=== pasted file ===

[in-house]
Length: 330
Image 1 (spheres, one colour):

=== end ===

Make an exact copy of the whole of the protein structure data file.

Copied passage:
[in-house]
Length: 330
Image 1 (spheres, one colour):